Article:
The development of a plastic from biomass or from CO2 for LEGO is a perfect example of the ambition of the new research group, located at the Van 't Hoff Institute for Molecular Sciences at the UvA. "Plastics from biomass are essentially CO2 neutral," says group leader Prof. Gert-Jan Gruter. "But they have more advantages: when using resources other than oil, such as sugars, completely new materials can be developed, with special properties." Yet it is their sustainability that urges their development: "To develop the new, sustainable materials that we need in 2050 we really have to get started today. It takes a lot of time to bring materials and processes to industrial growth."
The ISC group is closely linked to Avantium, the Dutch chemical company specialized in sustainable chemistry. Avantium successfully developed the sustainable PEF plastic from natural sugars, as an alternative to the PET bottle. In 2017 Avantium set up two research groups at the Amsterdam Science Park.. Gruter is Chief Technology Officer at Avantium and professor by special appointment at the university's Van 't Hoff Institute for Molecular Sciences for one day a week. His ISC group starts with two major and two smaller research projects, for which the first PhD students have now started their research. Gruter expects to employ ten PhD students within a few months.
'Green' LEGO bricks
The plastic for LEGO is part of the project Novel Rigid Bio-based Polyesters for potential large scale applications, in short RIBIPOL. It received funding from the Dutch Chemistry Innovation Fund of NWO, enabling the appointment of five PhD students. LEGO and Avantium also contribute to the project, both financially and in kind. The aim of the project is to create new biobased polyesters from commercially available building bricks and suitable for large-scale applications. Together with Avantium and toy manufacturer LEGO, the group hopes to develop 'green' materials for the production of fibres, packaging and the iconic building bricks.
The idea is to produce the polyesters through the polymerization of monomer building blocks from sugars (from plants) and oxalic acid (from CO2).
This is in line with technology developed by Avantium for the isolation of sugars from 'second-generation' biomass: natural materials that do not compete with food supply, such as wood chips, sawdust and agricultural residual products.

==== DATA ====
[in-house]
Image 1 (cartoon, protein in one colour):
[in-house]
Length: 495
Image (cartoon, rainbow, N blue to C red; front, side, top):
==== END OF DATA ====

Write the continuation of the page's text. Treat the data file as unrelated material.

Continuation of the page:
The second important ingredient, oxalic acid, is a fairly common chemical raw material. However, says Gruter, oxalic acid can also be produced from CO2. Avantium has patents to do precisely that, with the help of electricity. The company develops this technology in a large European research project called Ocean: Oxalic acid from CO2 using Electrochemistry At demonstratioN scale. It funds two PhD students at the UvA. Gruter: "Our idea is to produce oxalic acid from carbon dioxide with the help of sustainable electricity, so oxalic acid becomes a raw material for green chemistry. But since it is already available now, we can already start working on ways to use it for products. Such as plastics for injection molding, as with the LEGO bricks, but also new synthetic fibers, bottles and packaging foil. "
Synthesis and characterization of the new monomers and polymers will take place in the laboratories of both HIMS and Avantium. "The HIMS expertise in the field of catalysis and polymer analysis is of great importance," says Gruter. In this he cooperates with HIMS scientists Dr Raveendran Shiju and Prof. Peter Schoenmakers. An important aspect is to synthesize polymers with the right chain lengths (molecular weight) and properties. These properties can be further optimized by using so-called co-monomers, also of sustainable origin, naturally.
Gruter emphasizes that in his research potential applications are always in view. "We want the new materials to be used on a large scale, which means they can compete with existing fossil products regarding price and performance." He also looks at the degradability of the materials in the long term because the plastics - depending on the application - can end up in nature. For his he intends to cooperate with Dr John Parsons and Dr Albert Tietema of the Ecosystem & Landscape Dynamics group at the UvA's Institute for Biodiversity and Ecosystem Dynamics (IBED).
"Plastics in nature, especially microplastics in seawater, are increasingly becoming a problem," Gruter acknowledges. "If we develop new materials we need to learn from problems caused, unintentionally, by current materials." He started a collaboration with Dr Heather Leslie of VU University Amsterdam to develop a method for quantifying PET microfibers in seawater and sediment in the form of a PhD project. Gruter: "There is currently no simple method available for this. If we have no data on the quantities of microplastic in our oceans further research, for example on the effects on the food chain, is difficult to justify."
Communicating with consumers
What is special is that Gruter wants to gain insight into the way consumers will appreciate the new materials and their sustainability aspects. Gruter: "To accelerate the transition to CO2-neutral materials, it is very important that there is demand for them. We want to know how to communicate with consumers to get them interested in more sustainable plastics." This research will take place in collaboration with Dr Frenk van Harreveld, social psychologist at the UvA Faculty of Social and Behavioral Sciences, and with Prof. Bas Haring, Professor of Public Understanding of Science at Leiden University.